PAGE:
A number of studies have shown that induction of pulmonary toxicity by nanoparticles of the same chemical composition depends on particle size, which is likely in part due to differences in lung deposition. Particle size mostly determines whether nanoparticles reach the alveoli, and where they might induce toxicity. For the risk assessment of nanomaterials, there is need for a suitable dose metric that accounts for differences in effects between different sized nanoparticles of the same chemical composition. The aim of the present study is to determine the most suitable dose metric to describe the effects of silver nanoparticles after short-term inhalation. Rats were exposed to different concentrations (ranging from 41 to 1105 mu g silver/m(3) air) of 18, 34, 60 and 160nm silver particles for four consecutive days and sacrificed at 24h and 7 days after exposure. We observed a concentration-dependent increase in pulmonary toxicity parameters like cell counts and pro-inflammatory cytokines in the bronchoalveolar lavage fluid. All results were analysed using the measured exposure concentrations in air, the measured internal dose in the lung and the estimated alveolar dose. In addition, we analysed the results based on mass, particle number and particle surface area. Our study indicates that using the particle surface area as a dose metric in the alveoli, the dose-response effects of the different silver particle sizes overlap for most pulmonary toxicity parameters. We conclude that the alveolar dose expressed as particle surface area is the most suitable dose metric to describe the toxicity of silver nanoparticles after inhalation.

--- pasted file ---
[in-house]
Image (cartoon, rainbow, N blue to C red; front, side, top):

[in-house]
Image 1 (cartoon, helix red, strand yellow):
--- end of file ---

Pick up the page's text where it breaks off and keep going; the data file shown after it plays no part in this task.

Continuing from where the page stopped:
|Publication status||Published - 2 Jan 2016|
- Dose metrics
- inhalation exposure
- risk assessment